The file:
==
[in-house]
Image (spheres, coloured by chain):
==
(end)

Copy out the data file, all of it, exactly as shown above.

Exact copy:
[in-house]
Image (spheres, coloured by chain):